Trump is again waiving sanctions on Iran that would jeopardize the nuclear pact between Tehran and world powers, according to senior administration officials. But it is the final time he plans to do so, they warned, adding Trump wants to negotiate a new pact with European allies that would re-impose sanctions on Iran if its government violates terms produced by those desired talks.

Royce Retirement Prompts Foreign Affairs Successor Questions
Potential successors, Smith and Rohrabacher, have histories of bucking party

With Foreign Affairs Chairman Ed Royce, left, retiring at the end of this term, fellow California Rep. Dana Rohrabacher is a potential successor. (Bill Clark/CQ Roll Call)

House Foreign Affairs Chairman Ed Royce announced his retirement Monday, joining a wave of fellow senior Republicans in the House and Senate declining to seek re-election in a tough political environment.

The 13-term California lawmaker had only one year remaining on his term as committee chairman, but his retirement announcement nonetheless casts a spotlight on his potential successors, two of whom have histories of bucking the party.

House Foreign Affairs Chairman Ed Royce Announces Retirement
Royce was Democratic target in midterm elections

Rep. Ed Royce, R-Calif., is retiring. (Bill Clark/CQ Roll Call file photo)

Rep. Ed Royce announced Monday he will not be running for re-election. The California Republican is in his final term as chairman of the House Foreign Affairs Committee.

“In this final year of my Foreign Affairs Committee chairmanship, I want to focus fully on the urgent threats facing our nation, including: the brutal, corrupt and dangerous regimes in Pyongyang and Tehran, Vladimir Putin’s continued efforts to weaponize information to fracture western democracies, and growing terrorist threats in Africa and Central Asia,” Royce said in a statement.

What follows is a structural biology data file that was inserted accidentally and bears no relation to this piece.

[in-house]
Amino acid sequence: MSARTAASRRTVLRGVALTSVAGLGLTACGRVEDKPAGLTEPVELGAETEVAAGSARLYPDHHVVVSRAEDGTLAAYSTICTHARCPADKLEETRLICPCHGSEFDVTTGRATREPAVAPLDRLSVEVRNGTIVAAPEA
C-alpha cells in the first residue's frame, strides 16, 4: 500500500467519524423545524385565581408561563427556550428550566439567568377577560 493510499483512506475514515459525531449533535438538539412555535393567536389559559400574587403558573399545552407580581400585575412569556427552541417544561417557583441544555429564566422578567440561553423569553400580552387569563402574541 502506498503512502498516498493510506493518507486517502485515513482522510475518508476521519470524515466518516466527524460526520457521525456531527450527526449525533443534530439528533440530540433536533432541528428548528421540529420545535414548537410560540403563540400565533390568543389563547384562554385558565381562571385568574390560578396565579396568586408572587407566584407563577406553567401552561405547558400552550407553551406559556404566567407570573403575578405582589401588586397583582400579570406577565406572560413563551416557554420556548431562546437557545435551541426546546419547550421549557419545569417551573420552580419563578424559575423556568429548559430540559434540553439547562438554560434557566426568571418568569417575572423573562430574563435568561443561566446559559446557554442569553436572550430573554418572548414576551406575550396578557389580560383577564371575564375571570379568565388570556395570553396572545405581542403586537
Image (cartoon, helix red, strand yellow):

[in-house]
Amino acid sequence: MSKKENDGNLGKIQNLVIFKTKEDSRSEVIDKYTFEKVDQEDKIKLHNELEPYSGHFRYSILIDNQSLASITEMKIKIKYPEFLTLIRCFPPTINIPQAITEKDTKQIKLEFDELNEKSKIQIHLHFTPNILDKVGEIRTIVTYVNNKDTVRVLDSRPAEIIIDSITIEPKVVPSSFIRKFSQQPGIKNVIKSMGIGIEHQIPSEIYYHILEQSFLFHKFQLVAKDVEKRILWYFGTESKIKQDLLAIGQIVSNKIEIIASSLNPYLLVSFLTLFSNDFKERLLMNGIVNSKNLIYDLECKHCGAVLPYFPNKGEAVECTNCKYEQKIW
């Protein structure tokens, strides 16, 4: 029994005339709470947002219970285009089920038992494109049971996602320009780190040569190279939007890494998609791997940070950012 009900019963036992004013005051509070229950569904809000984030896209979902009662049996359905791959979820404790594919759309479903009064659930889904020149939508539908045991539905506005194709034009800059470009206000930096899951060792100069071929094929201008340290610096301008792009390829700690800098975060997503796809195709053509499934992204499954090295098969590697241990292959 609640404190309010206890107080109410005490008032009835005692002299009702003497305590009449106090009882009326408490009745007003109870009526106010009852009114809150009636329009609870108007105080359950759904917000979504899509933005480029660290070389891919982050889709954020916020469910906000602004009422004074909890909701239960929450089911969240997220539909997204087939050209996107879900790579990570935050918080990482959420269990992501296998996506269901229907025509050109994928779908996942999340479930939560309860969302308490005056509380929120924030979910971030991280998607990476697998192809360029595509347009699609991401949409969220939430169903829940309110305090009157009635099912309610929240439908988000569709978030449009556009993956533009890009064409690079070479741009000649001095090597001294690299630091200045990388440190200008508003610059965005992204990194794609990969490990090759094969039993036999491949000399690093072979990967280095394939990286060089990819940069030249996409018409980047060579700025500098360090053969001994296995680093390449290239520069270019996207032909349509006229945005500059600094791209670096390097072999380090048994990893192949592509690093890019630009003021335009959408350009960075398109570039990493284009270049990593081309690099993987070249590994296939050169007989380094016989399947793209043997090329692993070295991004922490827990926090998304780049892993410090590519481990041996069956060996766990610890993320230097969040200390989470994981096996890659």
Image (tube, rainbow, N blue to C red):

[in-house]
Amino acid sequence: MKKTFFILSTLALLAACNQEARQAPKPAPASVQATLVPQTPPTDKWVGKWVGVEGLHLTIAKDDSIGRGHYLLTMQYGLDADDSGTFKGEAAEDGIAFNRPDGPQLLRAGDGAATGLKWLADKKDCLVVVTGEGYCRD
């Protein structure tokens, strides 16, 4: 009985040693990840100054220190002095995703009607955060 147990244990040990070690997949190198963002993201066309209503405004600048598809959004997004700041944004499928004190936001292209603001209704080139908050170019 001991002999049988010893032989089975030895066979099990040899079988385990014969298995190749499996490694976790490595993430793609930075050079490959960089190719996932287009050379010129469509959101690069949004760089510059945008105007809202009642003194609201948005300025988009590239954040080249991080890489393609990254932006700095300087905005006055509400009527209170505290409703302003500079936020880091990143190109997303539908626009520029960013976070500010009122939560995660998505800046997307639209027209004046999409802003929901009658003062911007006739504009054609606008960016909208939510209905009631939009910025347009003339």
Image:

Analysis: Five Ways Trump Dimmed the Tax Bill Glow
Chaos returns to White House, overshadowing legislative agenda

President Trump walks along the White House's West Colonnade of the White House on Wednesday evening. (White House photo via Flickr)

President Donald Trump was excited, beaming behind the storied Resolute Desk three days before Christmas. He joked with reporters and offered camera operators presidential ink pens. And he boasted that, after a year with more downs than ups, he was starting to figure out how to be president.

“So, you know, it’s been a process,” he said after securing his first major legislative win by signing a GOP tax bill into law — and terminating the Obama-era health law’s individual mandate at the same time. “It’s been a great process. Really beautiful.” In the days that followed, he assured members of his Mar-a-Lago club in South Florida his administration was about to have a “great” second year.

McCain to Return in January
‘We need his voice now more than ever,’ Lindsey Graham says

Arizona Sen. John McCain and staff make their way from the Capitol Visitor Center to the Capitol last month before he returned home to Arizona. (Bill Clark/CQ Roll Call file photo)

Arizona Sen. John McCain will return to Washington this month after missing time in December to recover from an infection that arose from his cancer treatment, his friend Sen. Lindsey Graham predicted.

“Sen. McCain is in rehab. He’s coming back in January,” the South Carolina Republican said Sunday on CBS’ “Face the Nation” in response to a question about his GOP colleague’s health. “We need his voice now more than ever.”

Trump: ‘Deep State’ DOJ ‘Must Finally Act’ Against Abedin, Comey
President begins new year with tweets attacking domestic, global foes

Long-time Hillary Clinton aide Huma Abedin is seen backstage before a Clinton campaign rally at North Carolina State University in November 2016. (Justin Sullivan/Getty Images file photo)

The Justice Department “must finally act” against a longtime senior aide to Hillary Clinton and former FBI Director James Comey, President Donald Trump tweeted, his latest fiery social media post to kick off 2018.

Trump and his team have an ambitious agenda for the new year, especially considering more than 400 House seats and 30 Senate seats are up for grabs in just 11 months. But the president on Tuesday focused his morning tweets at his domestic political and geopolitical foes.